Media Release: Management of fires start early in KNP
Kruger National Park (KNP) management will implement its management fire policy early this year because of the good rainfall. This is necessary to continue the KNP’s commitment to sound conservation principles and area management.
“When managing a national park, we often find that even good things like increased rainfall will result in the need to take action as a result. And the excellent rainfall we experienced has resulted in huge fire fuel load build up in the veld which, if not controlled, will haunt us later in the year during the fire season,” said the KNP’s head of conservation management Dr Freek Venter.
The result is that KNP rangers will put in patch burns to break up these large fuel loads which will not only help control run-away fires during the dry and windy fire season later in the year but which also have huge ecological benefits, such as the regeneration of the veld.
“The cool, low intensity fires will create a mosaic of burnt and unburnt areas in the park which definitely help slow down fires during the fire season,” explained Dr Venter.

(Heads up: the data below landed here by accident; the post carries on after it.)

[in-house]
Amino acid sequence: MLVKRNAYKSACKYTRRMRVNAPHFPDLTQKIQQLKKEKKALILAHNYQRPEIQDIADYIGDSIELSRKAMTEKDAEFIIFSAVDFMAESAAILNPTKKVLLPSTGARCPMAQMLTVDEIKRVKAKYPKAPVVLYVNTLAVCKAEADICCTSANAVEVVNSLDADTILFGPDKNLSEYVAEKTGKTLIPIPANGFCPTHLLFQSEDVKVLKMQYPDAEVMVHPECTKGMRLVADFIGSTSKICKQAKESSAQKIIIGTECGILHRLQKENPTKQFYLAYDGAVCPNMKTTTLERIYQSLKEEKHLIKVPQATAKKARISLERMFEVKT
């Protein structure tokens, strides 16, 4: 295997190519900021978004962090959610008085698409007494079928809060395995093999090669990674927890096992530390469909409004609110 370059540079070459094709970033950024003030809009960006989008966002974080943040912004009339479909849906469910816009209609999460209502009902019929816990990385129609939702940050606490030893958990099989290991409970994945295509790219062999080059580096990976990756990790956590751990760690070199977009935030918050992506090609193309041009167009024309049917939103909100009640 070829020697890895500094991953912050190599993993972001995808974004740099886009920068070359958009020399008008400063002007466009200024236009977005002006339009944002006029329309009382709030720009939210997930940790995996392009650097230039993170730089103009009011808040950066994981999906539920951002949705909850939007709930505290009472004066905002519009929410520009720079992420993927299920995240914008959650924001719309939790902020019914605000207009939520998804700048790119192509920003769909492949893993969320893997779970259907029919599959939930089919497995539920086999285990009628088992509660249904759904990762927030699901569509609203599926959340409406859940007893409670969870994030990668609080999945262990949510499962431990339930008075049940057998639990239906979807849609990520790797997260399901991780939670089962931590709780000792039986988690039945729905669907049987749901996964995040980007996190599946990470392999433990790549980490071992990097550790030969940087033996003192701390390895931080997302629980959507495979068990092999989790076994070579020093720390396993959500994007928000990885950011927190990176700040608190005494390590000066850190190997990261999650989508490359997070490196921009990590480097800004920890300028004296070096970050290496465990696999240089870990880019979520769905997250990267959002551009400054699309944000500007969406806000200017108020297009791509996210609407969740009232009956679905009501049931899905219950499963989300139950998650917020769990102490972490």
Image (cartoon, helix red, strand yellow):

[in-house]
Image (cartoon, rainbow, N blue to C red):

Fire research has shown that early fires also help to control bush encroachment tree species, such as sicklebush (Dichrostachys cinerea) and enable other tree species such as knobthorn (Acacia nigrescens) and possibly even marula trees to flourish.
Producing a varied ecosystem
“The implementation of patch mosaic burning in the KNP will help to produce a varied ecosystem that is desired by ecologists. Many believe this approach will emulate or reinstate the natural burning patterns that occurred in this area for centuries before modern man moved into the area and took control,” explained Dr Venter.
Park rangers will burn as many areas as possible during May, June and July, 2009.
“We realise that many visitors to the KNP will see these fires in a negative light but we would like to assure everyone that the fires are in the best interests of the conservation of the area, both from a vegetation point of view and from a safety point of view,” concluded Dr Venter.
An additional benefit of the management fires for KNP visitors is that the vegetation is kept low and thus it becomes easier to see wildlife. However, it must be stressed that this isn’t the main reason for its implementation.
The controlled burns will be implemented according to the National Veld and Forest Fire Act (101 of 1998) and the Kruger National Park Fire Protection Association which was formed in compliance with this Act.
Raymond Travers, Media Relations Practitioner, Kruger National Park. Contact: Tel: (013) 735 4116, cell: 082 908 2677 or email: firstname.lastname@example.org
William Mabasa, HOD: Public Relations and Communication, Kruger National Park. Contact: Tel: (013) 735 4363, cell: 082 807 3919 or email: email@example.com
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